Embracing my identity as a woman has been an ultimate act of self love. It has been a long and difficult path of avoiding aspects of myself out of shame and embarrassment, but it has been one that has led me to happiness that I never realized was possible. It is my sincere hope that all of my trans brothers and sisters can one day embrace their identity and love themselves as I have—not just in spite of the fact that they are trans, but in part because they are trans. This isn’t to put me on a pedestal as a shining example; I’m far from it. There are many days when it’s hard to love myself: an unfortunate glance in the mirror, itching razor burn along my legs, having to redo my eyeliner for the third time—all things that can crumble this new sense of self-worth. But you’d better believe that every time the tide comes to wash it away, I’m there to rebuild. It’s a constant battle, but it is one that can be won more often than not. Maybe I’m just stubborn in that regard. I don’t see any other choice I can make. Beauty isn’t so much that final image at the end of the road; it’s the culmination of the entire journey, of the struggles and sweat and tears we put in to get that far. There is beauty in our trials, of our ability to become something more.
It’s easy for me to say all this for the sake of making a blog post, for the sake of giving motivation to others like me. What isn’t quite as easy is actually believing it all. The reality is that outside forces will constantly make you question and doubt. It’s easy to stay within a supportive circle, crafting an armor of reassurances and self-love to protect the fragile core underneath. There will always be people who search for any chink in that armor, any way to get a knife at your exposed self. Sometimes these people are easily dealt with without much damage incurred. It’s when the knife comes from within your circle, unexpected, that can leave you feeling like you’re bleeding out and the world is crumbling down.
This weekend a knife came to me from within my circle. It wasn’t the first time and it will not be the last; I guarantee you the last will hurt as much as the first. This was a person, a dear friend, who called me mentally unstable, wrong in my beliefs regarding my identity, and claimed that they would rather me be miserable in the “right” way than be happy in the “wrong” way. I should have been furious with them, and yet I found their attacks on my character worthy of pity. This was an individual who came from a place of ignorance they had, ultimately, sewn their concern for my own well being into. They thought that something was missing from my life without understanding that I had found it when I made my decision to transition.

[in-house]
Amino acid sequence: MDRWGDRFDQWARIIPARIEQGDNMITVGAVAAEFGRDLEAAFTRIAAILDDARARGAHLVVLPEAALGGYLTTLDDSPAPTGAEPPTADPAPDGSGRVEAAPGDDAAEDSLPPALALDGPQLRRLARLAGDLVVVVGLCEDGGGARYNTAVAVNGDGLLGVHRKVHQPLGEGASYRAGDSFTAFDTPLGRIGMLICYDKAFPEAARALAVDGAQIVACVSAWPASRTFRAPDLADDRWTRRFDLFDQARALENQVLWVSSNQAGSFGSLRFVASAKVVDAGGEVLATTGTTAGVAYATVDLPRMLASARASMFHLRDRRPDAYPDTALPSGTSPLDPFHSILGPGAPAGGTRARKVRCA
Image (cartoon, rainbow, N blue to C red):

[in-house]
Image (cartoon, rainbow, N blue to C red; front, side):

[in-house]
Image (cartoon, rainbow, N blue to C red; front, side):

I find moments like these opportunities for education and enlightenment. The root of hatred is ignorance; people fear what they do not understand, and hate what they fear. Only by educating can we solve hatred. But what happens when these people refuse to listen and choose ignorance? This person told me, “It’s not that if I had more time I’d come around. I just know that you’re wrong. That’s it. There’s no religion, no science, no mass perception, no fruit of the cosmos that justifies your position.”
I don’t have the answer to this question. To just leave someone like this, especially someone I have considered a friend, and write it off as a losing battle goes against my most treasured belief that everyone possesses the capacity for change. Every fiber of my being wants to reach them and make them understand myself. Maybe it’s enough to learn to let these people go. Maybe it’s enough to just worry about yourself and thread the wound from the knife they stuck in your back. Maybe it’s enough to know sometimes love won’t be enough to save people.
Maybe our paths will cross again someday. Maybe you’ll see the person I have become, the light that has flooded my life, and realize that you were wrong. I hope that one day you can reject ignorance. At the end of the day though, I don’t think that it’s my responsibility to educate others. It isn’t any of our responsibility except for that person’s own. Even though I choose to educate where I can, and to share my experiences through this blog, it is not any trans person’s responsibility to educate others. There is a wealth of information out there if people can be bothered to look. Don’t do what I do and try to devote time and resources to people who likely will choose ignorance every time.